(GOLDENDALE, Wash., December 17, 2013) –Maryhill Museum of Art today announced its schedule of special exhibitions for the 2014 season, which runs March 15 – November 15, 2014.
The museum’s 2014 season will open with the special exhibition “James Lee Hansen: Sculpture,” featuring one of the Northwest’s most renowned Modernist sculptors. Also on tap are an exhibition of African art drawn from the collection of Mary Johnston, comics from New Yorker cartoonists, and a selection of Maryhill favorites featuring the female form.
The museum’s permanent exhibitions include works by Auguste Rodin, European and American paintings, royal memorabilia from Queen Marie of Romania, Orthodox icons, unique chess sets, the renowned Théâtre de la Mode, and American Indian art. Outside, the museum’s William and Catherine Dickson Sculpture Park contains large-scale works by a variety of Northwest artists.
In addition to these permanent exhibitions, Maryhill Museum of Art’s 2014 special exhibition schedule is as follows:
SPECIAL EXHIBITIONS IN 2014
James Lee Hansen: Sculpture
March 15 – July 27, 2014
James Lee Hansen is a noted Modernist sculptor from Washington State whose work is included in many public and private collections. James Lee Hansen: Sculpture features more than thirty of the artist’s maquettes and small sculptures and includes works produced from the 1960s to the present. They are accompanied by photo panels showing Hansen’s larger sculptures and architectural commissions. The exhibition is produced with assistance from James Lee and Elizabeth Jane Hansen, and is sponsored by the Washington State Arts Commission and the National Endowment for the Arts.
Angela Swedberg: Historicity
March 15 – November 15, 2014
Artist Angela Swedberg’s cast and blown glass pieces, in combination with other materials, are inspired by historic and traditional art forms. Swedberg is also a well-known restorer of antique American Indian art. Ten of the artist’s works are featured.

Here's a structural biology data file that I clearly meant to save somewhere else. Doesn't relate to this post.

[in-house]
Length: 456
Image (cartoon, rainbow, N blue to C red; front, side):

The Flip Side: Comic Art by New Yorker Cartoonists
March 15 – November 15, 2014
The Flip Slide presents work by a half-dozen artists whose cartoons regularly appear in The New Yorker magazine. The exhibition contains examples of published cartoons along with other, less well-known examples of the artists’ comic output. The show is guest-curated by Shannon Wheeler, a Portland-based New Yorker cartoonist and author of the critically acclaimed Too Much Coffee Man.
Maryhill Favorites: The Female Form
March 15 – November 15, 2014
Maryhill’s permanent collection includes approximately 250 paintings by European and American artists. Ten or more of these works are shown each year in the Maryhill Favorites Gallery. During 2014, the gallery will feature works that highlight the use of the female form in composition. Included will be Solitude by Frederic, 1st Baron Leighton of Stretton and William McGregor Paxton’s The Red Fan, among others.
African Art from the Mary Johnston Collection
August 9 – November 15, 2014
African Art from the Mary Johnston Collection features masks, sculptures and other objects from the people groups who populate West Africa, including the Yoruba (Nigeria/Benin), the Bambara and Dogon (Mali), the Bobo (Burkina Faso) and others. Originally from The Dalles, Mary Johnston now resides in Florence, Oregon. She inherited these items from her brother, who acquired them in Berlin in the early 1970s. Johnston has spent the last two decades of her life studying and sharing the collection. The exhibition is produced with curatorial assistance from the Hallie Ford Museum of Art.
Cardboard, Clay & Crayons: Chess Sets by Young Northwest Artists
May 1 – July 31, 2014